Skip to main content
Back to news

Poll Shows Voters Want Law Enforcement to Reprioritize Resources, Solve More Murders

City, State Officials Join Call to Address Decline in Shootings,
Homicide Clearance

PHILADELPHIA (October 13, 2021) — A new poll of likely voters from across the country shows strong bipartisan support for shifting law enforcement resources to prioritize the most serious and violent crimes like shootings and murders — an alignment with criminological research showing that sureness of consequences is far more impactful in addressing violent crime than the threat of severe punishment.

The poll, commissioned by Safer Cities and conducted by Data for Progress, found 78% of likely voters agree that “police departments should shift a significant portion of their internal resources to prioritize investigating and solving the most serious offenses like shootings and murder.” More than three quarters of likely voters (76%) agree that City Councils “should use the budgeting process to ensure that police departments are making solving serious crimes like shootings and murders their top priority.”

Similarly, voters strongly expect mayors and police department leaders to be held accountable for solving serious, violent crimes like murder. Nearly three quarters (74%) of respondents agreed that solving homicide cases “should not only be a top priority for police departments, it should also be a top priority for mayors because mayors are the leaders of their cities and often hire and fire police chiefs.”

Since 2020, communities across the country have experienced an increase in shootings and homicides, most committed with firearms, while crime overall has continued a decades-long decline. Meanwhile, the U.S. recorded the largest decline in the homicide clearance rate — generally regarded as the rate by which reported incidents of homicide result in arrest or are considered solved — in 2020 (50%, down from 55% in 2019). In Philadelphia, just 29% of homicides and 15% of non-fatal shootings have resulted in arrest this year.

The Safer Cities poll also shows strong (71%) support for non-police responses to behavioral health and homelessness-related calls. Cities like Portland and Orlando have launched non-police pilot programs to address behaviors associated with poverty, addiction, and mental health crisis that are showing promising results.

District Attorney Larry Krasner, who has long been a proponent for reallocating policing resources toward forensic technologies and investigative training to solve more shootings and homicides, said the polling results align with what most shooting and homicide survivors say they want from the criminal justice system.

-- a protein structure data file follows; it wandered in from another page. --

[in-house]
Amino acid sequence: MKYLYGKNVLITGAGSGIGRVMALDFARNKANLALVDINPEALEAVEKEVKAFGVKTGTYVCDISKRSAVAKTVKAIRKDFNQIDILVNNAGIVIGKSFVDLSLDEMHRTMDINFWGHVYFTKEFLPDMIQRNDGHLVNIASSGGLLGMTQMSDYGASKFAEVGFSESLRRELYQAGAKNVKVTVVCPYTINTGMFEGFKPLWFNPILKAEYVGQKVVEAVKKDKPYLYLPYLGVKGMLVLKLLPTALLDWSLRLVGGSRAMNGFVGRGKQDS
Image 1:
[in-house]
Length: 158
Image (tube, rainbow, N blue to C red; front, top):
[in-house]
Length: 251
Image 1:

“People who have survived shootings, or who have lost loved ones to gun violence, want most of all for those harms to have never occurred and for their hearts to never have been broken. Short of prevention, what survivors want and frankly deserve is for the individuals responsible for hurting them to be removed from our communities as soon as possible, held accountable by the justice system, and to never inflict harm on another person ever again,” DA Krasner said. “Philadelphians especially know what they need for their communities to become healthy and strong; they have lived through cycles of heightened violence before. The people want swift and fair accountability for those who commit violent crime, and they also want more resources for behavior health and social services so that police can focus their time and attention where it really belongs.”

City Councilmember Kendra Brooks (At-Large) said: “The results of the recent Safer Cities poll echo what I have been hearing from my neighbors in North Philadelphia for years. Police departments should be allocating their resources toward solving homicides, rather than over-focusing on low-level offenses, which often causes further harm to our communities. Real public safety means addressing the root causes of harm and pursuing the conditions necessary for all community members to thrive. The resources are there to solve serious violent crimes. It’s time our police department’s priorities actually reflected the will of the people.”

PA Rep. Chris Rabb (Phila.) added, “If our police department isn’t oriented toward substantive crime prevention, nor is it responsible for prosecuting individuals charged with crimes, it seems only fitting that its primary focus should be on solving the spate of violent crimes that worry most residents of Philadelphia.”

“Our communities have been devastated by violence, and the magnitude of the demands for change in policing are unmistakable in the results of this important survey,” said PA Sen. Nikil Saval (Phila.). “Across political lines, people want to see increased resources go toward community safety programs and public services, and they want their elected representatives to hold police departments accountable for making progress on serious crime. Communities know their needs best, and public officials must prioritize them.”

CONTACT:

Jane Roh, 215–686–8711, [email protected]

###

The Philadelphia District Attorney’s Office is the largest prosecutor’s office in Pennsylvania, and one of the largest in the nation. It serves the more than 1.5 million residents of the City and County of Philadelphia, employing 600 lawyers, detectives, and support staff. The District Attorney’s Office is responsible for prosecution of approximately 40,000 criminal cases annually.